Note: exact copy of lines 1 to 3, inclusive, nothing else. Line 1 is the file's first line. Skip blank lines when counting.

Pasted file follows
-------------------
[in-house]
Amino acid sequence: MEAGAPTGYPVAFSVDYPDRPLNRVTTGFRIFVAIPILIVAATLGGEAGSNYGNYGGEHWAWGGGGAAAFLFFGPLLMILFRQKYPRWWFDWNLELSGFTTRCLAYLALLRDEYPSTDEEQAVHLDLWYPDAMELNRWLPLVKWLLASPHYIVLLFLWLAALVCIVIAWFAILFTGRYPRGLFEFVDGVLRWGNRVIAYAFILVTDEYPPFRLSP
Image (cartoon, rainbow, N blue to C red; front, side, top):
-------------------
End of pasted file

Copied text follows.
[in-house]
Amino acid sequence: MEAGAPTGYPVAFSVDYPDRPLNRVTTGFRIFVAIPILIVAATLGGEAGSNYGNYGGEHWAWGGGGAAAFLFFGPLLMILFRQKYPRWWFDWNLELSGFTTRCLAYLALLRDEYPSTDEEQAVHLDLWYPDAMELNRWLPLVKWLLASPHYIVLLFLWLAALVCIVIAWFAILFTGRYPRGLFEFVDGVLRWGNRVIAYAFILVTDEYPPFRLSP
Image (cartoon, rainbow, N blue to C red; front, side, top):